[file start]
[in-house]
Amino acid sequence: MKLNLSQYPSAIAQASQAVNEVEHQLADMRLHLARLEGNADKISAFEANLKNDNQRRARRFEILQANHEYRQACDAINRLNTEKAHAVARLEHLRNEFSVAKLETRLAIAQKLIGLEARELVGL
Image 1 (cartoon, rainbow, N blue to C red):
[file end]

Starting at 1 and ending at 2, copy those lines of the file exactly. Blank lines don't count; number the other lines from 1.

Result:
[in-house]
Amino acid sequence: MKLNLSQYPSAIAQASQAVNEVEHQLADMRLHLARLEGNADKISAFEANLKNDNQRRARRFEILQANHEYRQACDAINRLNTEKAHAVARLEHLRNEFSVAKLETRLAIAQKLIGLEARELVGL